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Thromb Res. 1982 May 1;26(3):203-10.

A study of hemostasis in ischemic cerebrovascular disease. III. Abnormalities in vascular plasminogen activators, antiactivators and alpha 2-antiplasmin.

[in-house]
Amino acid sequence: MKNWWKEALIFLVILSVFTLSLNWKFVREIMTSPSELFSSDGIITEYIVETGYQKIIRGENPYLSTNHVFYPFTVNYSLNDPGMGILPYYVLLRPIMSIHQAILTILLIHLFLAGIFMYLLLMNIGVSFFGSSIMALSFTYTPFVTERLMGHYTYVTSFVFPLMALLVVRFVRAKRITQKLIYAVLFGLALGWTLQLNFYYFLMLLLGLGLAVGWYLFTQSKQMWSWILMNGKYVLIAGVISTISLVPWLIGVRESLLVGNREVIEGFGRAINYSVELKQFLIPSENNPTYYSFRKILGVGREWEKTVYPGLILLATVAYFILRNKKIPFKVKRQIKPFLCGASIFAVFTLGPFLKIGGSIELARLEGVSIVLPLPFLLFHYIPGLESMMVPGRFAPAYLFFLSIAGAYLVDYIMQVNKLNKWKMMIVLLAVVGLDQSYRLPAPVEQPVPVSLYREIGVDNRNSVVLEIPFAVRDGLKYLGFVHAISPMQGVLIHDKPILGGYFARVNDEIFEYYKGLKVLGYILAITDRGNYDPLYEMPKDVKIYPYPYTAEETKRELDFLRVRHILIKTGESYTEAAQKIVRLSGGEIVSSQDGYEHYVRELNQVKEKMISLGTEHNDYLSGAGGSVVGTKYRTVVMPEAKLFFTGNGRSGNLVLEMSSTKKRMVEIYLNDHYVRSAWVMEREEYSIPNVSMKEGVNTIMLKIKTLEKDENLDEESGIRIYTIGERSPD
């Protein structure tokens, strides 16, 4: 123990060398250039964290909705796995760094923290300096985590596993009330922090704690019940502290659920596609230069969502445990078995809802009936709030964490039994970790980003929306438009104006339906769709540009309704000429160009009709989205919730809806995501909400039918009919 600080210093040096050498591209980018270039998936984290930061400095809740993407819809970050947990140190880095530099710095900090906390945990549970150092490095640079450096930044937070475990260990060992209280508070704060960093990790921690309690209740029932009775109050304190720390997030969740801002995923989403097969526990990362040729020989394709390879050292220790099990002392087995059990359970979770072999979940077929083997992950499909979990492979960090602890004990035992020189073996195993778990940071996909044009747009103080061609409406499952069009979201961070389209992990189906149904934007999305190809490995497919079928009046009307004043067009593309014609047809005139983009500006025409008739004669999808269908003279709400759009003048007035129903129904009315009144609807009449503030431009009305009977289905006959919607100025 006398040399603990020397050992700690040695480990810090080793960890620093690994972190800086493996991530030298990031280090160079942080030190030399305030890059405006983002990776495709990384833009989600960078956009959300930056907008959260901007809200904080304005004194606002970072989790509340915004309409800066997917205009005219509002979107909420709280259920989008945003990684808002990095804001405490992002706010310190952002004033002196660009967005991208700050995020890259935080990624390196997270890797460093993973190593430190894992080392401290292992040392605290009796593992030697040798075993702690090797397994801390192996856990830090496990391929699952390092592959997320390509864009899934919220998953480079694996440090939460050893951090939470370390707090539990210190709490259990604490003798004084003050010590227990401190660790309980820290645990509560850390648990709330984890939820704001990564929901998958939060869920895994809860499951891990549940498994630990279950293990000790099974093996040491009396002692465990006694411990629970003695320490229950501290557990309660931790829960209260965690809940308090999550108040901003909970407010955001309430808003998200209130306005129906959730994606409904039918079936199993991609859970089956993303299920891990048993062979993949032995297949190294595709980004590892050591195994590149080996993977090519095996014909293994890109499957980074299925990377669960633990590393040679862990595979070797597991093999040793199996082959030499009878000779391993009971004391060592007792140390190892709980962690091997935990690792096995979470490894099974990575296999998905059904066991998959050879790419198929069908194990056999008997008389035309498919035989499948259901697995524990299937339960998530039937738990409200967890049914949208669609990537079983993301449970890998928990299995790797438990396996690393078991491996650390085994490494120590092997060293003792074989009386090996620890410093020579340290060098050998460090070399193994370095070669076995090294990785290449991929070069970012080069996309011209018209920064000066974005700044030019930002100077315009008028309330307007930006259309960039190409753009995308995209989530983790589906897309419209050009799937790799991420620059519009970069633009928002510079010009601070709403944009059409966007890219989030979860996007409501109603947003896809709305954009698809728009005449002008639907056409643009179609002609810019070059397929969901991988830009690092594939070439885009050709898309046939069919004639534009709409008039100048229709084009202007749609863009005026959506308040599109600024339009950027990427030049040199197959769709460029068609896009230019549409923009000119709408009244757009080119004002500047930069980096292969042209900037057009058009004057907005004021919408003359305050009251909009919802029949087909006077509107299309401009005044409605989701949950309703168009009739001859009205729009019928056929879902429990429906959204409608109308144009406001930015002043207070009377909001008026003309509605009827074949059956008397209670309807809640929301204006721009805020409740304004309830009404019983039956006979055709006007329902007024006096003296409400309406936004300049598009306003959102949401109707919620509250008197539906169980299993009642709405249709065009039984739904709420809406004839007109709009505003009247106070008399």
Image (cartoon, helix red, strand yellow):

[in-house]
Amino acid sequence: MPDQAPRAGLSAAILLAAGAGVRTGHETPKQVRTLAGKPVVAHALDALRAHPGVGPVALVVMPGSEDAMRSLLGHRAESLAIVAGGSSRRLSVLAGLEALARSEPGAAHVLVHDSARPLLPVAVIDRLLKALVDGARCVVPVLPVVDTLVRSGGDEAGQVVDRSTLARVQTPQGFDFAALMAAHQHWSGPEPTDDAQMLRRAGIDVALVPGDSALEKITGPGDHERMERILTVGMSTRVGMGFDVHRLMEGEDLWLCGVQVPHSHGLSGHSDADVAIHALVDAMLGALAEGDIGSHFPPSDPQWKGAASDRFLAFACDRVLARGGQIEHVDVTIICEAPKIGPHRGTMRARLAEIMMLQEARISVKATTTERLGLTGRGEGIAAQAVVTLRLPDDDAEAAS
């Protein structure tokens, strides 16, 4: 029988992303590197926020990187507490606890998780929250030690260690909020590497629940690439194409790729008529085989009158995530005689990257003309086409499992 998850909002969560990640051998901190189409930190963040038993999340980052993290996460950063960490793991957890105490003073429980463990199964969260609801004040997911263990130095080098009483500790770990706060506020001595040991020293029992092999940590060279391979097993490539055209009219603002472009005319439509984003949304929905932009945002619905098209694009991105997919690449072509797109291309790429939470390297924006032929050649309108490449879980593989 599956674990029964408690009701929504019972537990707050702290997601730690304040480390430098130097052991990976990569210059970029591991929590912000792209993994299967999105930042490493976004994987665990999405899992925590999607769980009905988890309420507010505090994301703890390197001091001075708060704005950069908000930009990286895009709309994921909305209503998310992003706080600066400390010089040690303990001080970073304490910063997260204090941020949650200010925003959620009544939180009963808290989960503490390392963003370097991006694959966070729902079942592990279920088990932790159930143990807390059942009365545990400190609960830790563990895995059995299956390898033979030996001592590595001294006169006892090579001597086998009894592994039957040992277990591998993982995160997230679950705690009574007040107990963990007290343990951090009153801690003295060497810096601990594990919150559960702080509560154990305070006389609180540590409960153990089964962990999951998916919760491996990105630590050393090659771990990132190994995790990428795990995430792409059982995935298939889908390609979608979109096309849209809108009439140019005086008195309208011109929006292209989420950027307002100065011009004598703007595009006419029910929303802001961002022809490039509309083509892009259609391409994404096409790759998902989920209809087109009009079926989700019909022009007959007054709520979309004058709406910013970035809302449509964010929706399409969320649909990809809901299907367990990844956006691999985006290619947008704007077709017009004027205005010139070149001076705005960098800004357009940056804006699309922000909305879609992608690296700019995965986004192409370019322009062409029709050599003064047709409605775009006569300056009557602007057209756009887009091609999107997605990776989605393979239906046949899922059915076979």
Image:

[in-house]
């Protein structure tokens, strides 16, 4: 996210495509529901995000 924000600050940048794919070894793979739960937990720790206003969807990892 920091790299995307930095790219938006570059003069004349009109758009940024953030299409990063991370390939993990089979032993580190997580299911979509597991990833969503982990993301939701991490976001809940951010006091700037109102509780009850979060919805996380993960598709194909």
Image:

A sample of in all 119 patients with ischemic cerebrovascular disease (TIA and minor stroke) below the age of 55 years, were submitted for testing of fibrinolysis in the late recovery phase after acute disease. Defective fibrinolysis, as tested after venous stasis, was found in patients (p less than 0.01) as compared to controls using a conventional fibrin plate method. A new chromogenic peptide substrate method showed a similar tendency. Antiactivator activity, measured as antiurokinase, using a peptide substrate, was significantly higher (p less than 0.01) in young female patients than in female controls. Alpha 2-antiplasmin (peptide substrate method) was significantly (p less than 0.001) higher in female than male patients. However, no correlation was found between inhibitors of fibrinolysis and defective fibrinolysis after venous occlusion. Furthermore, in a pilot study of vein biopsies, normal content of vascular plasminogen activators was found in the majority of cases. Thus, it is suggested that defective fibrinolysis in most cases reflects a disturbed release function.

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